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The play opens at a party at Sir Robert Chiltern's house in Grosvenor Square, London. The party exemplifies much of the play's tendency towards quick and witty conversation. The Chiltern home is regal and their guests are impeccably dressed. Much of the action takes place in the Chiltern home's Octagonal room. Lady Chiltern stands at the top of her regal staircase greeting arriving friends. Behind her, on the back wall, hangs Boucher's "Triumph of Love." The tapestry plays a prominent role in the play, and highlights the theme of love conquering all.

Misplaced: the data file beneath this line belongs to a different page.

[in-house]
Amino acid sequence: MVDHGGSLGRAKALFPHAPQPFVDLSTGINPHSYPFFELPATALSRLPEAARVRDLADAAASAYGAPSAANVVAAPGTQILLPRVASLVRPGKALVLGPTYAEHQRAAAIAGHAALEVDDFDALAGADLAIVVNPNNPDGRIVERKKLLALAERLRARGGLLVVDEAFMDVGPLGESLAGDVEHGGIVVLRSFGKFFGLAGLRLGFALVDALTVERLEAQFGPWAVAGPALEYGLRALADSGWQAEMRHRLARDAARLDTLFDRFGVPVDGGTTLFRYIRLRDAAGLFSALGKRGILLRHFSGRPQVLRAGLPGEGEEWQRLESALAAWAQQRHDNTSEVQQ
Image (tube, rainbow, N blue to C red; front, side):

This first scene consists of many conversations between various guests. Mrs. Marchmont and Lady Basildon discuss the tedious, boring and uninteresting Hartlock parties, and the triviality of men. Mrs. Marchmont mentions that she has come to the party to be educated, while Lady Basildon admits she despises education. Mrs. Marchmont notes that Lady Chiltern is often encouraging her and others to expand their educations and find purpose in life, which seems to be a futile pursuit as few in London society take their lives or careers very seriously.